Turning to the object of annexation, the question is whether the goods were affixed to the building, though slightly, for the better use of the goods as goods, or for the better use of the building as a hotel building. Counsel for the respondent pointed out quite correctly, that the question is not whether carpeting is useful or necessary to a hotel, but whether the annexation of the carpets was for the better use and enjoyment of the carpets as such or for the better use of the building as a hotel building. The factors in this case, in addition to others already mentioned, bearing on this question appear to me to be:
1. The unfinished plywood flooring was entirely unsuitable and could not be expected to be used as a floor in a hotel with the character of the Villa Motor Hotel.
2. The under matting and carpeting, if left resting on the plywood by their own weight, would not provide proper floors in such a hotel for reasons of both appearance and utility.
3. The annexation was reasonably required for the completion of the floors as such, having regard to the character and intended use of the areas involved.
4. The evidence shows that in comparable hotels carpeting is quite commonly replaced at intervals of three to five years.
5. It is also established that a ready market exists for used carpeting after its removal.
 Weighing all these circumstances, I am of the opinion that the object of the annexation was the better and more effectual use of the building as a hotel and not the better use of the goods as goods. It follows that in my opinion, the carpeting and accessories were annexed to the land in such a manner and under such circumstances as to constitute fixtures within the meaning of s. 12 of the Act.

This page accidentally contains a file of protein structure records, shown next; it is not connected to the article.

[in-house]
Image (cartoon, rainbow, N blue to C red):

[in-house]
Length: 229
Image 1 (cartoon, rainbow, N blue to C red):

Royal Bank of Canada v. Maple Ridge Farmers Market Ltd., 1995 CanLII 896 (BC SC) [RBC] at para. 12, in which Mr. Justice Maczko articulated six rules to aid in the application of La Salle:
1) Any item which is unattached to the property, except by its own weight, and can be removed without damage or alterations to the fixtures or land that will need repair, is a chattel.
2) Any item which is plugged in and can be removed without any damage or alteration is a chattel.
3) Any item which is attached even minimally (i.e. it cannot simply be unplugged) is a fixture.
4) If a piece of equipment is attached to a structure, a part of which could be removed but which would be useless without the attached part, then the entire piece of equipment is a fixture. In other words, the item will be a fixture if it losses its essential character because it is of no use unless attached to a permanent and substantial improvement to the premises of which it formed part. The converse is also true. If an item can be detached without damage or alteration, and if the item retains its essential character without the attached part, then it will be a chattel.
5) Where an item is determined to be a fixture, it may nevertheless be removed if it can be shown that it is a tenant’s fixture. A tenant’s fixture may be removed from the premises during the currency of the tenancy provided that the tenant leaves the premises in exactly the same condition as he or she received them.
6) In very exceptional circumstances not covered by these rules the court should have resort to the purpose test. For example, a mobile home may be resting on the land by its own weight but it may be clearly established that it was intended to be a fixture. These circumstances should only arise rarely and in relation to very large or expensive items.